Even at night, through lights and lasers, snowflakes of cotton still fell from the sky. I was journaling hard through the beginning of this evening and took some time off to chill with, my girl, Jessica Hunter at her vending booth Teeki; fabulous fashion made from recycled plastic bottles. Jessica and I had deep intellectual conversations about the importance of living out our dreams, the love of a relationship we both sought out, and the futures of our tomorrows. I was blessed to have her, a fellow woman of my kind, encourage me through a time, at this age, where I felt a little trapped. We shared our stories over a bottle of champagne and then I helped her pack up the wonderful clothing that is Teeki.
From the distant Bloom stage, afar from me, I heard Tipper rumbling the ground. I wasn’t enthusiastic about his set as I had seen three sets of his in one month already and wasn’t too impressed. An unusual energy lurked within his Bloom sets though and as I was drawn closer to his sounds a different voice of Tipper spoke to me. His vibrations were like skull candy for the brain to suck on and after the time I spent traveling like a robotic alien through his crowd I finally understood his music.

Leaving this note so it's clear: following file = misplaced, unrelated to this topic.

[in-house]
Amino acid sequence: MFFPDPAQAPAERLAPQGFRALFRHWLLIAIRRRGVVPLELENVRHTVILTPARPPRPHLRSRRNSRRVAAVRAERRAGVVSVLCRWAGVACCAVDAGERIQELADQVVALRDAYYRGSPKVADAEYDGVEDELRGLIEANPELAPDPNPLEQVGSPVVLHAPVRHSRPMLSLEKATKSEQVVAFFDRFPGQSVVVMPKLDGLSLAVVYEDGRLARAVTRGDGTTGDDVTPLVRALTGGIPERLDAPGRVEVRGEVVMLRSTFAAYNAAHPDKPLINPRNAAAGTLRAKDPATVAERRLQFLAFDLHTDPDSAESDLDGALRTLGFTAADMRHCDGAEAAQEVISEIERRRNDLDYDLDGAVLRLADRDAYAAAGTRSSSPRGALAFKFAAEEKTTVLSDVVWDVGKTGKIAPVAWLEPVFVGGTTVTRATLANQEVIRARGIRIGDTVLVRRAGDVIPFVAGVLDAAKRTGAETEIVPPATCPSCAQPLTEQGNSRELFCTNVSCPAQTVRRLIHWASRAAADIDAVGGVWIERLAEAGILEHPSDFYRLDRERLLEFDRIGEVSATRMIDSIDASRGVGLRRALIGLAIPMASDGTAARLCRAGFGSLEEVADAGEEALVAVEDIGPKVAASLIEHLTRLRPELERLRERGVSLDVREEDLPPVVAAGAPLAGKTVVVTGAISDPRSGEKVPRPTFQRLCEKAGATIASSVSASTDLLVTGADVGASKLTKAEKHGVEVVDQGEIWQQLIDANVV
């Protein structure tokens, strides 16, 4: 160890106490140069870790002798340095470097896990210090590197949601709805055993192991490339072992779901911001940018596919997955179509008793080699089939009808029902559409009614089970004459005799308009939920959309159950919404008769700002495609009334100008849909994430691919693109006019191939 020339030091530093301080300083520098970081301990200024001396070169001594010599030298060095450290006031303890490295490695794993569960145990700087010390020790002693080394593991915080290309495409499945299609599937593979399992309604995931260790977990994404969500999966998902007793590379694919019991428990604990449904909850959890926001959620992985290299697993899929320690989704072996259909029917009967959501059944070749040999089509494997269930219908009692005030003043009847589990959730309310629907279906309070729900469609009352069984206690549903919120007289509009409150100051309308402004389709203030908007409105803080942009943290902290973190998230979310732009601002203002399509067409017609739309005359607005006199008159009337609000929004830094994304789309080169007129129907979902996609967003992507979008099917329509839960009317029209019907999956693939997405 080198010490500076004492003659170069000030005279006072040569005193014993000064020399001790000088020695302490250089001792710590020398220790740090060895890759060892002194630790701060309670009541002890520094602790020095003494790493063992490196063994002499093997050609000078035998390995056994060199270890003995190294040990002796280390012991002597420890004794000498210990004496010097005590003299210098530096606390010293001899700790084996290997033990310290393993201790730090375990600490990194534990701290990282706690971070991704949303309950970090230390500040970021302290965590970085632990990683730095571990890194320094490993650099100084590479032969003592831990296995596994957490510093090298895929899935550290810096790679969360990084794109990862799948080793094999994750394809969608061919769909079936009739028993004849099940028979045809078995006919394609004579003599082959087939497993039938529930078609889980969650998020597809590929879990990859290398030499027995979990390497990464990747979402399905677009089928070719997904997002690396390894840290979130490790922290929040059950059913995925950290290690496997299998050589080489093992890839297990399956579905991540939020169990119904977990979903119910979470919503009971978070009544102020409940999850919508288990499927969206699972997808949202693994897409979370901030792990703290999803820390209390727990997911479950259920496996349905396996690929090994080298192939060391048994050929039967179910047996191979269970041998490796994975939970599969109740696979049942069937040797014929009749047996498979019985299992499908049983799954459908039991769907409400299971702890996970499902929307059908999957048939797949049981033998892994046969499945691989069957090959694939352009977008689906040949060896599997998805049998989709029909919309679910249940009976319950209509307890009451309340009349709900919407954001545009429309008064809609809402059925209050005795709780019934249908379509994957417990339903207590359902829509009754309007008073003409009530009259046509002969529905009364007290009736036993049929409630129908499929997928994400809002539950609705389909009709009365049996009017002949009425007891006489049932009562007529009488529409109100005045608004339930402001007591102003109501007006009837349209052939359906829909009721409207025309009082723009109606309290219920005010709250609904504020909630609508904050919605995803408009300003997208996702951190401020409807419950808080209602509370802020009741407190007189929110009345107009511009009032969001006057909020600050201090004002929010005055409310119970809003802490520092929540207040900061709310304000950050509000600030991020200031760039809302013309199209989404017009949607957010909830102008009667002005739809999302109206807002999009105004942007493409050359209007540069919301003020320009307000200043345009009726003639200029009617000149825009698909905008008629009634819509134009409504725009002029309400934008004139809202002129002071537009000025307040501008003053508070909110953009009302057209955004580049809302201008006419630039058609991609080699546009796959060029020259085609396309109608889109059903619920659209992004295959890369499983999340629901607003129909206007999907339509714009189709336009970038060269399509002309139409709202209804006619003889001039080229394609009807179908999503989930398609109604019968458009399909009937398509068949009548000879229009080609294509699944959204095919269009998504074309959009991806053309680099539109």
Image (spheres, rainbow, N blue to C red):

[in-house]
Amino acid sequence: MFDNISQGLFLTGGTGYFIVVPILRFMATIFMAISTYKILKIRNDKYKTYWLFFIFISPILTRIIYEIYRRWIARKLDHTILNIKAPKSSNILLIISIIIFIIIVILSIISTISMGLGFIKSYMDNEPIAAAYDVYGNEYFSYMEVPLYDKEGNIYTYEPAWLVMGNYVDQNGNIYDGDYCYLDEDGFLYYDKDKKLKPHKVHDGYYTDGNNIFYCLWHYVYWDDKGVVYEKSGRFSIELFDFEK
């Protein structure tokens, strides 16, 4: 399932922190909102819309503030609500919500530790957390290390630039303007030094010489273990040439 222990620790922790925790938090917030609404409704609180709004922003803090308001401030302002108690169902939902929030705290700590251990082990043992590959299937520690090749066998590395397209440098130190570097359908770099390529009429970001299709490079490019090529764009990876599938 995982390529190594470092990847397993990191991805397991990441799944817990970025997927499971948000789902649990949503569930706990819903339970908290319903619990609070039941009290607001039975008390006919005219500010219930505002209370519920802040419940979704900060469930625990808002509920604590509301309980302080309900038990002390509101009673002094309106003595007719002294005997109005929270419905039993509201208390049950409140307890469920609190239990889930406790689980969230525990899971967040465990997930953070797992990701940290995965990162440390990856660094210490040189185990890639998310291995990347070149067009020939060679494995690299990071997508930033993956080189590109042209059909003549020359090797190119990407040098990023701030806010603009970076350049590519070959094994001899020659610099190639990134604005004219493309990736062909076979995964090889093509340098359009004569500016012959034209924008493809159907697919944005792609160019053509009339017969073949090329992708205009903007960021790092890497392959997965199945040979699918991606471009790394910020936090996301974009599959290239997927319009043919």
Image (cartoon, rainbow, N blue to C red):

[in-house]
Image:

After Tipper blew my mind Lost in Sparkles and I hit up the Buddha Lounge just because we knew we’d have more elbowroom to dance in. When we arrived we got real comfortable grooving in a music world created by Dani Be. While her adorable presence performed directly in front of me a call from my body requested a vinyasa flow. Dani’s sweet music carried me through a series of postures and as I embraced a side angle pose an unfamiliar hand, from behind, adjusted my posture. The stranger’s touch continued to assist me throughout the remainder of my flow and grateful for this hand I sent oxygen directly to my lower back we’re a long day of work and dancing exhibited with pain. Plantrae stepped up to the Buddha Lounge’s table next and I was so impressed with his electric viola performance that I took the innovative to help hand out his business cards to everyone present during this set. Being awake at this point took effort and when I made it to Heyoka’s performance I was nothing but over it and decided to retire to my tent.